The best time to see alpine wildflowers in Mt Rainier National Park is generally late July and early August, a short but spectacular season! Mt Rainier wildflower hikes are the best way to immerse yourself in this fleeting beauty. While the wildflower meadows at Paradise are incredible, it is also extremely crowded this time of year, especially on weekends. Instead, you can go to the east side of the park, which is far less crowded (note: you will not find solitude, but you should be able to find parking!). If you want to truly have solitude, try an evening hike (make sure to take your 10 essentials and especially a flashlight/headlamp). Try these spots to avoid (or at least lessen) crowds while enjoying Mt Rainier’s famous wildflowers.
NACHES PEAK LOOP at Chinook Pass (4 mile loop with 600 feet of elevation gain)
Chinook Pass is also getting more crowded, and I would suggest doing this hike in the late afternoon or even the evening (better for photos anyway!) to avoid the crowds. This breathtaking wildflower trail is the Naches Peak Loop trail, which is a beautiful loop with amazing scenery and the flowers just add to it (go in a clockwise direction for the best views of Mt Rainier on the second half of the hike).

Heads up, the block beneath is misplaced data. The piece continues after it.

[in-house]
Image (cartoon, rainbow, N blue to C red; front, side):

FREMONT LOOKOUT (6 miles round trip with 800 feet of elevation gain)
Many of the trails at Sunrise are terrific Mt Rainier wildflower hikes. Check Mt Rainier’s wildflower status page for where the best flowers are. Walking around the meadows near the Sunrise lodge (stay on the trail!) is a great bet if you don’t want to walk too far, also Frozen Lake is a short walk (just over a mile) and from there for a moderate hike with continued in your face views, try out the Mt Fremont lookout, or Burroughs Mountain. Have fun and don’t forget the bug spray!
SPRAY PARK (8 miles round trip with 1700 feet of elevation gain)
Another lesser known Mt Rainier wildflower hike is Spray Park. This is the hardest hike on this list, and the most challenging to get to, but it’s also phenomenal! Spray Park starts from Mowich Lake on the north side of Mt Rainier. It requires a long gravel road but that helps keep the crowds down! On this hike, you’ll see an incredible wildflower field after walking through Mt Rainier’s forests and taking a short side trip to gorgeous Spray Falls.